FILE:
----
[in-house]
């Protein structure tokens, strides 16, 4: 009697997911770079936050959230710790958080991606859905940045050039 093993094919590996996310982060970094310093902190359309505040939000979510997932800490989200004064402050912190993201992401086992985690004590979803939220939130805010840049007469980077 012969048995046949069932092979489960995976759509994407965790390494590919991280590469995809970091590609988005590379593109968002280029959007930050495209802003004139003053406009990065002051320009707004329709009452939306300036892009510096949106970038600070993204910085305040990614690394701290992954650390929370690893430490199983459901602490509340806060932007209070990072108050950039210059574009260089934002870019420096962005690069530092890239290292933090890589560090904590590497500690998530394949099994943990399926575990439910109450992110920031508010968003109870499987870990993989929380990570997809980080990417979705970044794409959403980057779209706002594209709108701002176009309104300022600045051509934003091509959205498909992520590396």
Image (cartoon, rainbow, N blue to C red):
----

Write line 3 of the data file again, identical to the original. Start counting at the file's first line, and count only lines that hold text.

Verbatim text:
Image (cartoon, rainbow, N blue to C red):